Association of Marketing Theory and Practice Proceedings 2013
 

Document Type

Conference Proceeding

Conference Track

General Papers

Publication Date

2013

Abstract

Loss of businesses to surrounding areas has escalated in the past decade, promoting an examination of factors causing business defection from the city of Georgetown, South Carolina. Kotler (1969) warned that customer retention is more important than identifying new prospects. If the customer’s satisfaction levels fall below completely satisfied, there is a risk of customer defection. This issue is important because the “purpose of a business is to create and keep customers” (Kotler 1969, p. 2). Therefore, understanding what dissatisfies a customer is just as important as understanding what satisfies a customer. The degree to which cities are vulnerable to customer defection is impacted by a number of factors such crime, history, infrastructure (including construction), city rules and regulations, festivals and events, friendliness of doing business, and support from the city/county. Our results suggest that friendliness impacts merchants’ likeliness to continue doing business in Georgetown. This paper investigates a variety of topics to get a better understanding of the relationship between the merchants and the city of Georgetown. “Profits climb steeply when firms (cities) lower their defection rates. By looking at customer defection companies could improve profits 25% to 85% by reducing customer defection by only 5%” (Berry 1995). Increasing retention is an objective of every city including Georgetown. Research has suggested that sponsoring town meetings and educational seminars in local areas could communicate praise. Using the techniques that are offered by Berry (1995), Georgetown can gain trust with their business owners which is key to creating lasting relationships. Customers that are characterized as coming from low-socioeconomic backgrounds are less likely to complain” (Stephens 2000). Applying this statement to the Georgetown current difficulties encouraged us to seek complainers because it is unlikely they will find us. Giving back to the businesses that support us is our responsibility (Zane 2000). “Relationship marketing is built on the foundation of trust. It is critical to the formation of service-based relationships because of the intangibility of services” (Berry 1995). Being located in a small market makes it easier to know your customers. “Know customers better than they know themselves” (Zane 2000). The following are recommendations to the city of Georgetown. We advise implementing the following recommendations first as they are the most important. • Increase friendliness of doing business in Georgetown • Increase City/ County Support by holding more meetings in the city limits of Georgetown • Gain a more positive attitude towards issues and rules that affect merchants and the merchants’ attitude towards festivals and events • Increase branding and visibility for Front Street merchants a. Promote tourism through the following outlets: commercials, billboards, myrtle beach news segments, promotion of front street, bundle packages and special promotions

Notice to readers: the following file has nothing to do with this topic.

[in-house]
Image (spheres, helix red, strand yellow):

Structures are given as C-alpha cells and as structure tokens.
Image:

About the Authors

Monica Beth Fine, Ph.D., received her Master of Business Administration from Northwest Missouri State University. She received her Doctorate of Philosophy in Business Administration with an emphasis in Marketing from Florida Atlantic University. Monica is currently an Assistant Professor of Marketing at Coastal Carolina University in Conway, South Carolina. At CCU, Monica’s teaching responsibilities include Marketing Research, Principles of Marketing, and Sales Management/Personal Selling. Her research interests include the finance -marketing interface including initial public offerings and mergers and acquisitions.

Paul W. Clark, Ph.D. (University of Memphis) is currently an Associate Professor of Marketing at Coastal Carolina University in Conway, South Carolina. At CCU Paul’s teaching responsibilities include Marketing Strategy, Principles of Marketing, and International Marketing. His research interests include professional selling, pet ownership, marketing strategy and consumer decision making. He has published in the Journal of Marketing Channels, Journal of Consumer Marketing, Journal of Relationship Marketing and others.

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